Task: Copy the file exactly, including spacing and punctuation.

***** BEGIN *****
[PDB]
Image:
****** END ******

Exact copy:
[PDB]
Image: